The end of a journey – A new team of state-authorized public accountants has arrived

Anne Marie Berså
Esben Zøllner Olesen

It’s a fact. The path to becoming a state-authorized public accountant is not a “one size fits all” model. When you look beyond the shared relief and joy of the 9 Deloitte accountants who completed several years of wear and tear by passing their final exam at Børsen this November, their stories and experiences are very individual.


Everyone agrees. To become a state-authorized public accountant you must put in countless hours of hard work and face the dreaded exam at Børsen. It significantly raises the professional level and opens the door to new opportunities. It’s the proof of admission. But it’s also much more than that. For Jesper Elkjær, it has given him a whole new approach to working as an accountant.

 “So far, I’ve been primarily a compliance-focused auditor, looking at how we comply with the legislation and audit standards on various tasks. But I’ve become much better at seeing the tasks from the clients point of view and focusing more on what other services we can help with. For example, restructuring or process optimization. We’re trained to be “house doctors”. Our customers rely on us. What we say is heard and it has value to them. It matters.”

Jesper Elkjær emphasizes Deloitte’s internal course as an important positive factor in an otherwise professionally and personally challenging course. He also credits the support of the management team and the opportunity to prioritize studies during working hours.

“Deloitte has been good at saying that this must be a priority. And they’ve done a lot to support us. It’s still your own responsibility but it’s also good practice. You learn to live with the fact that something has to be prioritized less. And to take responsibility for it. Regardless of whether we felt ready for this, we’ve all been amazed at how much we’ve learned. So, people who are in doubt just have to dare anyway. The doubt is normal, but it won’t stop us.”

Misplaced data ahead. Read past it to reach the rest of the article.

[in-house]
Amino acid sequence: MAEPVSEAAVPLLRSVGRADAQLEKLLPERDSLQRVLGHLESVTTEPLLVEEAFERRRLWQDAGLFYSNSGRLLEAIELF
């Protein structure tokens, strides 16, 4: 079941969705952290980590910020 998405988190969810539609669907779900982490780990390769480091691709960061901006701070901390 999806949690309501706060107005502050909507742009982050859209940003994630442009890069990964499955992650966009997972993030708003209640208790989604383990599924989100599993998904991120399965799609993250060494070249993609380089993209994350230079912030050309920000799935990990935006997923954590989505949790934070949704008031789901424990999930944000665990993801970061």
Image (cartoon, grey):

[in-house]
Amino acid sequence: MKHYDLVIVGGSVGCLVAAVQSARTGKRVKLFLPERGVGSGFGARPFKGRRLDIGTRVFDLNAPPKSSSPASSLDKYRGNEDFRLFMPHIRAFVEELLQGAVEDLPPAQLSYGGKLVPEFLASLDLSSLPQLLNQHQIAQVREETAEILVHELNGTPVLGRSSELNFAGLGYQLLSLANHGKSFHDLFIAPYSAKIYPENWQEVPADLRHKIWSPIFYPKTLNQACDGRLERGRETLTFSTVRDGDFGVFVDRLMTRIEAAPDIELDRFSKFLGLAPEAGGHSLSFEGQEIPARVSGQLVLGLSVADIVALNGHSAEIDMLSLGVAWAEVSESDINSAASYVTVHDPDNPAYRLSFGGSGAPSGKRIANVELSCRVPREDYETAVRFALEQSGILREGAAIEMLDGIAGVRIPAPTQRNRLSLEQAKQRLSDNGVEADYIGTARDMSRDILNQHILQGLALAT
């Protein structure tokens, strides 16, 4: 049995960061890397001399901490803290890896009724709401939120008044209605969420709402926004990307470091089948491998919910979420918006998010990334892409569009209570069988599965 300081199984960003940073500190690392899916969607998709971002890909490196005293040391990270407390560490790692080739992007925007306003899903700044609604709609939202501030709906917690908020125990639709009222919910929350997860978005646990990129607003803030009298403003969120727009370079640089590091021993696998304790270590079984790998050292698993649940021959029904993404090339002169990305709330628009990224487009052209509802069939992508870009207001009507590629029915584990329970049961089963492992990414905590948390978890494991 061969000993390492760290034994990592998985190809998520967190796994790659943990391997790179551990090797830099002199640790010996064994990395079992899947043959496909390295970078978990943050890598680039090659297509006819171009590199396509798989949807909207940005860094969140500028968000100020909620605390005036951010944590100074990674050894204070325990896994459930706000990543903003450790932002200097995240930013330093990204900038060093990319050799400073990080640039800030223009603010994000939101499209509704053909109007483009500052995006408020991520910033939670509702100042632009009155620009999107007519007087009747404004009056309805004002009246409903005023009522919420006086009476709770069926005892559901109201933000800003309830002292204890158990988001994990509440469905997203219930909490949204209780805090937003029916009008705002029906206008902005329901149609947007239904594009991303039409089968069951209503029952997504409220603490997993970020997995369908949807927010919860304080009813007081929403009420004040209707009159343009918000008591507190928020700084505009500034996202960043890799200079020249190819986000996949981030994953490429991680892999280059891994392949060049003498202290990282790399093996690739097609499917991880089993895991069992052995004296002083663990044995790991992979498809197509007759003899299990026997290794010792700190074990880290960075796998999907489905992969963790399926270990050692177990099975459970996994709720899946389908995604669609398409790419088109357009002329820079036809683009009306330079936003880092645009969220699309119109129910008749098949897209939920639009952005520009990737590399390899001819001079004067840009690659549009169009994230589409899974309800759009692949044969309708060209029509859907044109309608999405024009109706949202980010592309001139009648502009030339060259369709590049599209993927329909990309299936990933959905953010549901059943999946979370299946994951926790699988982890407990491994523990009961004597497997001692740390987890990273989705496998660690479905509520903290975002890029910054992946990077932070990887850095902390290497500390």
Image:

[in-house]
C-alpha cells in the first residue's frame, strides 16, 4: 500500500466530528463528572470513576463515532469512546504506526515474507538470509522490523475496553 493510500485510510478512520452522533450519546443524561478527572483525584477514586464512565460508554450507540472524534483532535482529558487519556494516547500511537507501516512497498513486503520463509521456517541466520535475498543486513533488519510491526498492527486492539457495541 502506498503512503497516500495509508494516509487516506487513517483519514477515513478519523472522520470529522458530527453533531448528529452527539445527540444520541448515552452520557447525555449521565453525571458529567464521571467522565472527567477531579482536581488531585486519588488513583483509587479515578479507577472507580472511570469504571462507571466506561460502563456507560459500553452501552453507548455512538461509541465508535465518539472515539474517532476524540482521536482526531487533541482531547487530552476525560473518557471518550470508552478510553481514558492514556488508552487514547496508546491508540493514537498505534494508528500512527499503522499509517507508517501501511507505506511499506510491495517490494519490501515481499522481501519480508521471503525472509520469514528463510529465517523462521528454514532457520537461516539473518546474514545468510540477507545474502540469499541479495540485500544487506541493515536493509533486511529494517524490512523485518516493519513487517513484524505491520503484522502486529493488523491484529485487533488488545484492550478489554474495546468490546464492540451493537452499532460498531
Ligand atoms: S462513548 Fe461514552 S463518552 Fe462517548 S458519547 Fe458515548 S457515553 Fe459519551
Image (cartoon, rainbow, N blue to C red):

Even on the day of the exam, Jesper Elkjær found an extra source for preparing for a good performance in DeloitteHuset.

“It was a day where I could feel the nerves in my stomach as soon as I woke up. I put on some casual clothes and walked over to DeloitteHuset. It’s just a place I like to be, the atmosphere is friendly and informal. When you go over there and feel that you’ve been preparing for a long time and that you really know your stuff, you feel like you’re just going to another client meeting. Somehow, it became almost like an ordinary day at the office.”

Jesper Elkjær emphasizes that the nervousness is not the fault of the exam situation itself, but the risk of being asked a question that hits a blind spot. It’s the fear of failing and waiting half a year to try again. A situation that statistically is very likely.

Better people than you have failed

For Thomas Simoni Mortensen, the final exam is an extraordinary redemption. He’s relieved and grateful when he embraces the many joyful hugs from his girlfriend, family and colleagues. Finally! He has crossed the finish-line.

In the process to become a state-authorized public accountant, passing the exams is far from given. While accountants often specialize, the exams as a state-authorized public accountant require mastery of generalist knowledge. Therefore, many accountants are at risk of taking exams in a subject area where their practical experience is limited. It may be part of the explanation why the pass rates are significantly lower than in other educations. In the most recent A, B and C written exams, the pass rates on a national basis was respectively 65%, 57% and 67%.